One each at half time, it had been an interesting yet unspectacular game so far. However the best was yet to come. We managed to catch a few words with John Ruiz at half-time. The body language from the forward was not good, hands in his pockets, and you could see that he was not happy to be on the bench. Having had the pleasure of watching Omar Wade play once for Lille II a few years ago, I wouldn’t be happy to be behind him in the pecking order either.
Another player we had the pleasure of speaking to was Arnaud Souquet. The midfielder who used to play for Lille (only making two appearances) played the first half in a league game against Rennes scoring his only goal for the club in the process. He also made an assist in the 5-1 UEFA Cup victory against Slavia Prague in 2009. The former France u-20 international was disappointed to be left out for the game, as dos Santos thought he was too lightweight to play against Roeselare. Souquet let it be known that he still had Lille in his heart, and hoped one day he would be able to make a return.
The second half would finish as one of the greatest halves of football I have ever witnessed. Mouscron took the lead with 25 minutes to go; the ball was played into the box towards Omar Wade, he chested to towards Mezine, and the impressive midfielder finished with aplomb, his right foot volley crashing past Gilles Lentz. Again the lead was short lived. Mouscron had just cleared the ball from a Roeselare attack, all eyes moved up field until the whistle was blown and the referee walked up to Mouscron ‘keeper Oukidja and showed him a red card. We will probably never know what the on loan keeper actually did but the signals pointed towards an off the ball elbow. Roeselare had a penalty.
During the commotion we witnessed one of the Mouscron players walking towards the penalty spot where he would for about two minutes continually rake his studs over the penalty spot, easily trying his best to make the area as disturbed as possible. Can’t say it’s something I’ve ever seen before. Unfortunately it made no difference and Anthony Di Lallo pulled his side level.
Ten minutes later Di Lallo was involved again, this time he launched into a badly timed challenge and the referee had no chance but to show him a second yellow. Now with five minutes to go the scores and teams were both level. In stoppage time the game would go what can only be described as batshit mental. Just into time added on and the captain Pichot would turn provider again. Getting down the right he found substitute Sebastien Alliotte, his low cross was met by Khiter and the former Valenciennes man applied the finish; the home fans were going crazy.
This adrenaline must have spilled onto the players as less than a minute later we had our third red as captain Pichot lashed out and kicked the back of one of the Roeselare player’s legs. The referee spotted it, as did I, and the 37-year was shown a straight red. Deep into injury time Roeselare would push forward, and with five minutes of injury time gone they would win a late free-kick on the edge of the box. The silver haired defender Sebastien Dewaest lined up the ball, stepped back and met the ball sweeter than he will all season. De Vlamynck saw it late but the substitute goalkeeper couldn’t keep it out. The players and fans from Roeselare erupted. Positioned just above us in the stands there was a lot of interaction between them and the Mouscron fans, which just added to the enjoyment. This was proper football. Excitement and passion in abundance.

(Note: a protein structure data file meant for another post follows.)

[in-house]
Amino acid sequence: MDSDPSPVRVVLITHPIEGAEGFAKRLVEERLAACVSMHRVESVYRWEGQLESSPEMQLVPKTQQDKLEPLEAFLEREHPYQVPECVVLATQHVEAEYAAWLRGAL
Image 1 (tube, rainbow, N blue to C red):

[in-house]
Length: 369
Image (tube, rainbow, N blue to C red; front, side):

In all the excitement of scoring the late equaliser, Dewaest had over done his celebration a little and the referee would end the game by showing the Belgian his second yellow, meaning both sides would end on nine apiece. A truly phenomenal game and one I won’t forget for a long time.
During the week, Mouscron were at it again, taking the lead against Standard Liege in the cup. It would go all the way to extra-time, losing 3-2 in the end. Sales of blood pressure tablets may be up this week in Mouscron.
The fans may not enjoy the situation their club is in, but they showed no signs of letting that get in the way of their support. Players like Mezine, Khiter, Pichot and Ruiz will excite and engage the fans this season, with Lille looking for a place to nurture their talented youngsters it seems that they may have found the perfect place in Mouscron to do that.
Andrew Gibney is the mastermind behind Anglo-writing, French loving football website French Football Weekly – a fine read and podcast. Check it out here.